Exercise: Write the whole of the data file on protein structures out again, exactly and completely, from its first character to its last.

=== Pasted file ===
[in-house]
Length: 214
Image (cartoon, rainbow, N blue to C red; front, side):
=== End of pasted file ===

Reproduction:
[in-house]
Length: 214
Image (cartoon, rainbow, N blue to C red; front, side):